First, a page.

• Pollen – collected from bees as they enter the hive. It is used as a food supplement for health and nutrition and in medicinal skin creams. Bees also process pollen in the hive to ferment it and make ‘beebread’ that they consume when they are short of honey. This is also sometimes collected and sold.
  • Beeswax – produced by bees to make the honeycombs that store the honey. It is used in cosmetics, pharmaceuticals, candles, polishes, in modelling and metal casting and by beekeepers to make the foundations for new honeycombs in hives.
  • Propolis – a mixture of beeswax and resins obtained from plants and with which the bees build combs for larvae nurseries. It is used in medicines, cosmetics and as a food preservative.
  • Royal jelly – a substance secreted by worker bees fed in abundance to future queen bee larvae and sparingly to other bee larvae. It is produced by stimulating a hive to produce an excess of queen bee larvae and harvesting it from the cells of these larvae taking care not to harm the larvae themselves. It is used as an additive in foods and medicines or eaten in tablet form on its own.
  • Venom – extracted by applying electric shocks to bees that then release a quantity of venom from their venom sack. Its main use is to build up resistance of people who are allergic to bee stings. Claims have also been made for it relieving the symptoms of many illnesses and ailments.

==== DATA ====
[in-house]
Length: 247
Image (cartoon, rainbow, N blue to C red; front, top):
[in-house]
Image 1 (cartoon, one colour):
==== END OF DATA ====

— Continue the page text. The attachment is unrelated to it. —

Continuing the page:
Pollen: An Opportunity for Enterprises

When bees collect pollen from flowers they make pollen sacks that they stick to rear legs using nectar or regurgitated honey. This gives the pollen collected from bees its high sugar content. Pollen taken directly from flowers normally has lower sugar content.

Many claims have been made for the benefits of eating pollen but fewer have been substantiated scientifically. Claims have included that pollen improves athletic performance, reduces the effects of aging, improves blood disorders, reduces the effects of colds, improves skin conditions and counters infertility. The main medicinally proven benefits of pollen are that it improves most prostrate conditions and that it aids digestion of food and in this way helps people who are ill recover more quickly. However, it is also a particularly nutritious food that can help to counter the effects of an otherwise poor diet.

There is a small but growing market for pollen in Brazil. A Brazilian Government agency (SEBRAE) for the development of small enterprises is promoting apiculture in northeast Brazil. Producers from the state of Bahia have supplied most of the market for pollen in northeast Brazil, including in Alagoas. Operarias do Mel is the first producer in Alagoas and it is expected that the demand in this state will grow.

Operarias do Mel has been working with Instituto Eco Enghenho, the local B-REED country enterprise development partner, and E+Co to develop a business plan and assess financial projections for the business. The partnership identified a Brazilian company, Solartec, to develop a solar-based drier for the pollen. The company then applied successfully for a loan of US$27,000 to develop the business and market for pollen.